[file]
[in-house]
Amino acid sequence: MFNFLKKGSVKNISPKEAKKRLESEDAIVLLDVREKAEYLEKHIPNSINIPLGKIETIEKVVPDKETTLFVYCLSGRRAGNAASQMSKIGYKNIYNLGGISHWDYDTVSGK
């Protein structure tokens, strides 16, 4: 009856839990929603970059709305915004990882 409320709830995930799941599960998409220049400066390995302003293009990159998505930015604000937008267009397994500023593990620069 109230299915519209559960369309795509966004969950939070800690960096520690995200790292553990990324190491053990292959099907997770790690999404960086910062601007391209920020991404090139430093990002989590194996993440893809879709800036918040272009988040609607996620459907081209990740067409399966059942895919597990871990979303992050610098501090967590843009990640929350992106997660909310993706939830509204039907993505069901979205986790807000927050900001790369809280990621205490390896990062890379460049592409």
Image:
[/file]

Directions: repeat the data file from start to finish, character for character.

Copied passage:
[in-house]
Amino acid sequence: MFNFLKKGSVKNISPKEAKKRLESEDAIVLLDVREKAEYLEKHIPNSINIPLGKIETIEKVVPDKETTLFVYCLSGRRAGNAASQMSKIGYKNIYNLGGISHWDYDTVSGK
């Protein structure tokens, strides 16, 4: 009856839990929603970059709305915004990882 409320709830995930799941599960998409220049400066390995302003293009990159998505930015604000937008267009397994500023593990620069 109230299915519209559960369309795509966004969950939070800690960096520690995200790292553990990324190491053990292959099907997770790690999404960086910062601007391209920020991404090139430093990002989590194996993440893809879709800036918040272009988040609607996620459907081209990740067409399966059942895919597990871990979303992050610098501090967590843009990640929350992106997660909310993706939830509204039907993505069901979205986790807000927050900001790369809280990621205490390896990062890379460049592409």
Image: